SA needs healing

2008-05-09 00:00

Picture the following images: children of all colour and hue, class and language, laughing and playing together on the school playground; throngs of people visiting the Durban Botanic Gardens, a paradisiacal place of birdsong and green foliage, resonating with people of all races flocking to picnic, celebrate their weddings, walk and meditate upon the serene surroundings. Modern shopping centres glistening with goodies; fancy cars streaming along the well-maintained highways and byways, epitomising a First World society. People at work, people at university, people in the cities, people in the rural areas, people sitting in fast taxis, people talking, people laughing, people playing, people loving, people having babies, people dying, people fighting, people debating, people disagreeing, people being people.South Africa in its normalcy.

And then picture the following images: phenomenal disparity between rich and poor, high levels of HIV/Aids, highest rate of rape in the world, abuse of women and children, murder levels extremely high, alarming robbery and hijacking levels, alcohol and drug abuse, high levels of stress and anxiety.South Africa in its insanity.

What you have here is a recipe for madness, for how does a normal psyche reconcile such absurd contradictions without resorting to cognitive dissonance? South Africans are walking around with varying degrees of madness as they attempt to cope with, repress and suppress, the various images and experiences of insanity prevalent amid the pockets of normality.

And yet, what ought to be reiterated is that this phenomenon is nothing new. If anything, it is strangely familiar and very South African.

How many white South Africans during the apartheid era lived lives of sweet normality while all around them their black brothers and sisters experienced lives of brutal insanity — an insanity wrought upon them by the apartheid regime? White South Africans lived in pleasant houses with neatly trimmed gardens, drove decent cars, read newspapers and books, played tennis, went to the theatre and the opera. Those carrying out the regime’s orders — in the police and military forces — committed acts of brutality during the day only to go home and be “normal” fathers and husbands at night.

Black South Africans endured an array of insults on their humanity: ranging from poverty and malnutrition, to destroyed families (via migratory labour and pass laws), to blatant racism and denial of human dignity, unfair labour practices, detention, torture and assassination.

Those white South Africans who were part of the Struggle against apartheid joined their black comrades in detention without trial, intimidation, bugged phones and security police surveillance, torture and interrogation.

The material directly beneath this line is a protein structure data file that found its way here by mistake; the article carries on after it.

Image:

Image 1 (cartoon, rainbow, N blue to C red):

But it was black South Africans’ lives that were assaulted on a broad front and at all levels of existence: physically, emotionally and spiritually. And it is these scars that have impacted so tragically on the nation’s soul.

While there can be no condoning of any act of brutal violence, we cannot ignore the painful and tragic legacy of the past. And we cannot deny how it has affected the present if we are to halt the fatal trajectory into the future.

How to stop this brutal past from poisoning all that comes after it? How to heal the fractured and tormented psyches of a people who are capable of such gross human rights’ violations?

The combination of our historical legacy with a host of factors — the glorification of violence, objectification of women, blatant materialism and promotion of American society and values at the expense of local African ones, pornography, corruption, anger and frustration arising from unmet expectations and the unadulterated glorification of the very worst aspects of capitalism —all have merged into a fatal brew, ripe for explosion.

Just as the perpetrators of torture and assassination were perverted versions of human potential, so today the perpetrators of brutal violence are perverted and diminished human beings. They are not whole, sane and healthy. Most importantly, no one who commits such dastardly acts is a happy person.

Those who rape children are in essence raping that vulnerable and fragile child inside themselves, that fragile child who was never allowed the freedom to grow up in an environment of love and support. They may have been raped themselves. Or they may have witnessed their father or other men abusing women and children. They have learnt to be brutal. A healthy person is unequivocally incapable of raping a child.

A healthy person is incapable of brutally murdering someone for the sake of taking their cellphone. A healthy person would have no desire, not even be tempted, to beat up and pummel into a pulp their beloved wife or sweetheart.

Why then are so many South Africans so unhappy, so unhealthy psychically and so insane that they are able to commit acts that are debasing both to their own and their victim’s humanity?

Deep insight and compassion are called for. Analysis of the root causes of the different types of insanity is necessary and radical action must be taken.

What South Africa needs is healing. Healing in the homes, in the prisons and in the individual soul and psyche.

A reconstruction and development programme is sorely needed again, not only at the socio-economic level but also at a psycho-spiritual level.

Children who grow up with healthy loving parents (or parent or guardian) in a stable environment, (stable financially and emotionally) will not grow up to be criminals.

Because they have been recipients of healthy love, they will go into the world with a sense of self-love and appreciation. And with this self-worth comes personal pride and dignity. Such dignity enables people to be fully human. And in being fully human one is incapable of destroying another person.

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